57 min

Claude Shannon: The Story of How One Man Created the Information Age | Jimmy Soni Hidden Forces

    • Business

In Episode 47 of Hidden Forces, Demetri Kofinas speaks with Jimmy Soni about the father of Information Theory, Claude Shannon, and Shannon’s foundational work, A Mathematical Theory of Communication.
The 20th century is known as the information age, and for a good reason. It is a period that is dominated by knowledge and data. It’s an era in which the economy is no longer driven by traditional industries — such as construction, manufacturing, or agriculture — but by advanced information technologies that store, retrieve, transmit, and manipulate data.
This revolution finds its roots in Information Theory. And remarkably, it is a theory that was developed by one man: Claude Shannon.
Before Shannon, society had a rather immature understanding of what information was. Information was understood as something immaterial and intangible. It was not seen as something that could be touched or manipulated. It was assumed that the only way to send information (intelligence, as it was then referred to) across a greater distance was to “boost” the signal by using more power. This was a notoriously imperfect system, as it increased the amount of “noise” that was received and made the message more difficult to discern.
In his foundational work, A Mathematical Theory of Communication, Shannon solved this issue and presented a completely new way of understanding information. He showed that information isn’t insubstantial, but something that we can measure and manipulate — something that has physical characteristics and can be quantified. Shannon also created a diagram which showed that all information has certain, set components — such as a source, a transmitter, a recipient, and so on. As such, not only did he show that information is something that can be made material, through his work, Shannon proved that all information (be it a radio signal, a photo, or a song) can be governed through a set of common laws.
In short, he turned information into something that can be computed and reliably transmitted, laying the foundation for the digital revolution.
Producer & Host: Demetri Kofinas
Editor & Engineer: Stylianos Nicolaou
Join the conversation on Facebook, Instagram, and Twitter at @hiddenforcespod

In Episode 47 of Hidden Forces, Demetri Kofinas speaks with Jimmy Soni about the father of Information Theory, Claude Shannon, and Shannon’s foundational work, A Mathematical Theory of Communication.
The 20th century is known as the information age, and for a good reason. It is a period that is dominated by knowledge and data. It’s an era in which the economy is no longer driven by traditional industries — such as construction, manufacturing, or agriculture — but by advanced information technologies that store, retrieve, transmit, and manipulate data.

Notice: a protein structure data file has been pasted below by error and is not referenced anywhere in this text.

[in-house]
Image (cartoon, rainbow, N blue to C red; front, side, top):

This revolution finds its roots in Information Theory. And remarkably, it is a theory that was developed by one man: Claude Shannon.
Before Shannon, society had a rather immature understanding of what information was. Information was understood as something immaterial and intangible. It was not seen as something that could be touched or manipulated. It was assumed that the only way to send information (intelligence, as it was then referred to) across a greater distance was to “boost” the signal by using more power. This was a notoriously imperfect system, as it increased the amount of “noise” that was received and made the message more difficult to discern.
In his foundational work, A Mathematical Theory of Communication, Shannon solved this issue and presented a completely new way of understanding information. He showed that information isn’t insubstantial, but something that we can measure and manipulate — something that has physical characteristics and can be quantified. Shannon also created a diagram which showed that all information has certain, set components — such as a source, a transmitter, a recipient, and so on. As such, not only did he show that information is something that can be made material, through his work, Shannon proved that all information (be it a radio signal, a photo, or a song) can be governed through a set of common laws.
In short, he turned information into something that can be computed and reliably transmitted, laying the foundation for the digital revolution.
Producer & Host: Demetri Kofinas
Editor & Engineer: Stylianos Nicolaou
Join the conversation on Facebook, Instagram, and Twitter at @hiddenforcespod

57 min

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